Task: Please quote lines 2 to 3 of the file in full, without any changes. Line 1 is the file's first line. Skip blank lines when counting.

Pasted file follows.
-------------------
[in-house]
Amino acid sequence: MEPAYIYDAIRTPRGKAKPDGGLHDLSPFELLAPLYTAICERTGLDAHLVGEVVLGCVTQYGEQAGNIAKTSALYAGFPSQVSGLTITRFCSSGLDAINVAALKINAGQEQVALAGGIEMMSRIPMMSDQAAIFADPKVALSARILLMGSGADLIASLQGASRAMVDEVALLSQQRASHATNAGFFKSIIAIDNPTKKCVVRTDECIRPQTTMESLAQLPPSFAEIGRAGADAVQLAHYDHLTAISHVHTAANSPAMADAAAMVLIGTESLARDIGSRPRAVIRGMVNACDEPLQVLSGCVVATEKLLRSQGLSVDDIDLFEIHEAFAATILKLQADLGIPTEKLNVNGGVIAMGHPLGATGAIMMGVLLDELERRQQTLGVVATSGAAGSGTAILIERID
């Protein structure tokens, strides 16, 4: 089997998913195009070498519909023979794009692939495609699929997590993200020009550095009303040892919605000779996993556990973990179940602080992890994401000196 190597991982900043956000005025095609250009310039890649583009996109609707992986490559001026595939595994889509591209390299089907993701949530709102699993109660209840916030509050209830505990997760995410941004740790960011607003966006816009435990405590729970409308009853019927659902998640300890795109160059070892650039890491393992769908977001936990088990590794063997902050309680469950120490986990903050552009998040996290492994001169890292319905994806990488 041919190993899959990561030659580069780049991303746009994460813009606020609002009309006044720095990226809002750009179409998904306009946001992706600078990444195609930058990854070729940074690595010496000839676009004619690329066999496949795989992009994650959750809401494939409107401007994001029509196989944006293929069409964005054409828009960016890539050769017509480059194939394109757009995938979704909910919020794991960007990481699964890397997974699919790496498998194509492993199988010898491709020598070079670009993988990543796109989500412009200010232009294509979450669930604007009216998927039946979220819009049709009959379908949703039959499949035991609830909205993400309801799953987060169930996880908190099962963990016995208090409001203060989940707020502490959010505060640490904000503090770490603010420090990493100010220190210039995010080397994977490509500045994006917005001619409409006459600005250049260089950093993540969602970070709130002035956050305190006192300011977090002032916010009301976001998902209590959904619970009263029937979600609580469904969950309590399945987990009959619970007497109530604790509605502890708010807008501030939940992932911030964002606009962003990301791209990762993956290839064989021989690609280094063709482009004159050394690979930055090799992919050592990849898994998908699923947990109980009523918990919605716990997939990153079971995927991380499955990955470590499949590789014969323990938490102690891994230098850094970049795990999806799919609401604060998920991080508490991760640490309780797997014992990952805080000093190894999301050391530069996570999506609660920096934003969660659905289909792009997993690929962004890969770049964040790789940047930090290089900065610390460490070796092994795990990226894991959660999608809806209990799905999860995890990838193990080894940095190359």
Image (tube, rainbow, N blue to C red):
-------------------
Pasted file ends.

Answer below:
Amino acid sequence: MEPAYIYDAIRTPRGKAKPDGGLHDLSPFELLAPLYTAICERTGLDAHLVGEVVLGCVTQYGEQAGNIAKTSALYAGFPSQVSGLTITRFCSSGLDAINVAALKINAGQEQVALAGGIEMMSRIPMMSDQAAIFADPKVALSARILLMGSGADLIASLQGASRAMVDEVALLSQQRASHATNAGFFKSIIAIDNPTKKCVVRTDECIRPQTTMESLAQLPPSFAEIGRAGADAVQLAHYDHLTAISHVHTAANSPAMADAAAMVLIGTESLARDIGSRPRAVIRGMVNACDEPLQVLSGCVVATEKLLRSQGLSVDDIDLFEIHEAFAATILKLQADLGIPTEKLNVNGGVIAMGHPLGATGAIMMGVLLDELERRQQTLGVVATSGAAGSGTAILIERID
């Protein structure tokens, strides 16, 4: 089997998913195009070498519909023979794009692939495609699929997590993200020009550095009303040892919605000779996993556990973990179940602080992890994401000196 190597991982900043956000005025095609250009310039890649583009996109609707992986490559001026595939595994889509591209390299089907993701949530709102699993109660209840916030509050209830505990997760995410941004740790960011607003966006816009435990405590729970409308009853019927659902998640300890795109160059070892650039890491393992769908977001936990088990590794063997902050309680469950120490986990903050552009998040996290492994001169890292319905994806990488 041919190993899959990561030659580069780049991303746009994460813009606020609002009309006044720095990226809002750009179409998904306009946001992706600078990444195609930058990854070729940074690595010496000839676009004619690329066999496949795989992009994650959750809401494939409107401007994001029509196989944006293929069409964005054409828009960016890539050769017509480059194939394109757009995938979704909910919020794991960007990481699964890397997974699919790496498998194509492993199988010898491709020598070079670009993988990543796109989500412009200010232009294509979450669930604007009216998927039946979220819009049709009959379908949703039959499949035991609830909205993400309801799953987060169930996880908190099962963990016995208090409001203060989940707020502490959010505060640490904000503090770490603010420090990493100010220190210039995010080397994977490509500045994006917005001619409409006459600005250049260089950093993540969602970070709130002035956050305190006192300011977090002032916010009301976001998902209590959904619970009263029937979600609580469904969950309590399945987990009959619970007497109530604790509605502890708010807008501030939940992932911030964002606009962003990301791209990762993956290839064989021989690609280094063709482009004159050394690979930055090799992919050592990849898994998908699923947990109980009523918990919605716990997939990153079971995927991380499955990955470590499949590789014969323990938490102690891994230098850094970049795990999806799919609401604060998920991080508490991760640490309780797997014992990952805080000093190894999301050391530069996570999506609660920096934003969660659905289909792009997993690929962004890969770049964040790789940047930090290089900065610390460490070796092994795990990226894991959660999608809806209990799905999860995890990838193990080894940095190359």